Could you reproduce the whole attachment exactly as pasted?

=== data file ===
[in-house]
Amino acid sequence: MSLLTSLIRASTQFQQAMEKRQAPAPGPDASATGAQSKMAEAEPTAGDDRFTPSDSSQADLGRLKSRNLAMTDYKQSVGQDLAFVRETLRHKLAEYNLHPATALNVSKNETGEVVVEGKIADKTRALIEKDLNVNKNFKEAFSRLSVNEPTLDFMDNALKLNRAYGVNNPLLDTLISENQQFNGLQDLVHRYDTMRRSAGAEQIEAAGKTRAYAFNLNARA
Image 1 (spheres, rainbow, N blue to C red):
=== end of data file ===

[in-house]
Amino acid sequence: MSLLTSLIRASTQFQQAMEKRQAPAPGPDASATGAQSKMAEAEPTAGDDRFTPSDSSQADLGRLKSRNLAMTDYKQSVGQDLAFVRETLRHKLAEYNLHPATALNVSKNETGEVVVEGKIADKTRALIEKDLNVNKNFKEAFSRLSVNEPTLDFMDNALKLNRAYGVNNPLLDTLISENQQFNGLQDLVHRYDTMRRSAGAEQIEAAGKTRAYAFNLNARA
Image 1 (spheres, rainbow, N blue to C red):